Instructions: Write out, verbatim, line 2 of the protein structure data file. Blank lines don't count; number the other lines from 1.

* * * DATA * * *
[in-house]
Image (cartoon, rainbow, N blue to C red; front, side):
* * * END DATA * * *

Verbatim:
Image (cartoon, rainbow, N blue to C red; front, side):